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Pulp Fiction revisited


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28 replies to this topic

#1 of 29 Jim Williams

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Posted April 08 2004 - 09:02 AM

When Pulp Fiction first came out on VHS I rented it and about halfway through I was so confused that I just turned it off and never watched it again. At the time it seemed like one of the worst movies I had ever tried to watch. Since then I have seen several Quentin Tarantino movies and enjoyed every one of them. Yesterday I decided to give Pulp Fiction another try and I must say that it is, without a doubt, his best effort. A phenomenal film. What I didn't understand was that he was telling four interrelated stories in one movie. Once I understood that, the whole movie made sense.

The movie simply blew me away.
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#2 of 29 ChrisBEA

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Posted April 08 2004 - 11:07 AM

Glad you gave it another shot. It is truly a classic film.

#3 of 29 Haggai

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Posted April 08 2004 - 02:07 PM

Just watched this again last week for the first time in a while (I'd seen it at least a dozen times before that, one of my most frequently seen movies ever). Still love it, always will. In fact, I'm in the middle of watching the enhanced trivia track right now on the SE DVD, some very cool stuff in there. I watched all the extras back when I got the disc, right when it was released in fall '02, and now I'm re-visiting just about everything. With Kill Bill Vol. 2 coming up, I guess I was in the mood again (although I didn't re-visit this before KB Vol. 1 came out).

Though I've always been blown away by Sam Jackson's performance, one of my favorites by any actor in any movie, I gotta give props to Travolta. I definitely appreciate how good he was the more I watch it.

I also recall how ominous Ving Rhames was as Marcellus back when the movie came out, making it all the more effective when you don't see his face for the first several scenes he's in. Ving wasn't a very familiar figure in the movies at the time (I remember that I'd never heard of him), so the unfamiliarity helped bring a really unsettling edge to his on-screen presence.

Why don't we throw in some of our favorite subtle details of this movie? Here's one I enjoy that's easy to miss. In the needle-plunging scene, after Mia snaps out of it and they realize she's ok, there's a funny little thing in the background. Jody (Rosanna Arquette) says, "That was fuckin' trippy" and laughs to release the tension, while Lance and Vincent collapse from their nerves. And then--the detail I'm talking about--Jody's friend, Trudy, who's also been watching what's happening, goes back to her bong and takes another hit! Show's over, crisis averted, back to the ganja. Great stuff. Posted Image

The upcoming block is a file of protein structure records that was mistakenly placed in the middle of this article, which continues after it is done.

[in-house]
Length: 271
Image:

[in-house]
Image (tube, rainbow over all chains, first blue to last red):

#4 of 29 Rob P S

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Posted April 08 2004 - 02:25 PM

I saw this in a theater six months after it opened. I didn't know anything about it, except that they said it was "not for the squeamish". The out-of-order thing threw me at first - I thought the theater had mixed up the reels. I loved it, though, and I still love it, although I couldn't care less about seeing anymore QT movies.

#5 of 29 Mike Williams

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Posted April 08 2004 - 02:57 PM

Absolutely one of my favorite movies, I thought it was very sad that Pulp Fiction and The Shawshank Redemption ended up nominated for Academy Awards the same year as Forrest Gump, since I think either of those movies just about any other year would win hands down -- certainly over drivel like Shakespeare in Love or American Beauty.

I just watched it the other night in High Definition and was really ticked off that HBO cropped the movie to 1.85 AR. Why show a movie in high definition and anamorphic widescreen and then crop it. They don't do that with every movie, so why that one? I LOVE Pulp Fiction and I can't wait to get Kill Bill on DVD (sight unseen) on Tuesday and then see Kill Bill, Volume 2 in the theaters next Friday.

#6 of 29 ZacharyTait

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Posted April 08 2004 - 03:23 PM

Jim,

I was in the same boat you were. I hated Pulp Fiction the first time I saw it. At the time, I liked my movies like any other moron. Linear and straight-forward, everything spelled out for me. It took me several years to break myself out of that habit. I revisited Pulp Fiction a few years and now I consider it one of the best movies of the 90's. [SENTENCE DEEMED OFFENSIVE TO MEMBERSHIP REMOVED BY ADMIN. PLEASE DO NO REPOST.]

#7 of 29 Jim Williams

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Posted April 08 2004 - 03:33 PM

...I liked my movies like any other moron. Linear and straight-forward, everything spelled out for me